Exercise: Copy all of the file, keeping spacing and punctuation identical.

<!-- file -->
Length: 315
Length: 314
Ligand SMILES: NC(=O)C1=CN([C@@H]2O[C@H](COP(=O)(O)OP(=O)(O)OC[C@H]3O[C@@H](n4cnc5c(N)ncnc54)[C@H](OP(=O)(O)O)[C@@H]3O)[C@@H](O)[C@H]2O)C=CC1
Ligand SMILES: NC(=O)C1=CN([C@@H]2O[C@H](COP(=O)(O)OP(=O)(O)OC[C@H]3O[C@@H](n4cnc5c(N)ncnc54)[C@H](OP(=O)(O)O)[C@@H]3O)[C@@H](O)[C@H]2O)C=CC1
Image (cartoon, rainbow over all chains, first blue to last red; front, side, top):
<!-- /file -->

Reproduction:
Length: 315
Length: 314
Ligand SMILES: NC(=O)C1=CN([C@@H]2O[C@H](COP(=O)(O)OP(=O)(O)OC[C@H]3O[C@@H](n4cnc5c(N)ncnc54)[C@H](OP(=O)(O)O)[C@@H]3O)[C@@H](O)[C@H]2O)C=CC1
Ligand SMILES: NC(=O)C1=CN([C@@H]2O[C@H](COP(=O)(O)OP(=O)(O)OC[C@H]3O[C@@H](n4cnc5c(N)ncnc54)[C@H](OP(=O)(O)O)[C@@H]3O)[C@@H](O)[C@H]2O)C=CC1
Image (cartoon, rainbow over all chains, first blue to last red; front, side, top):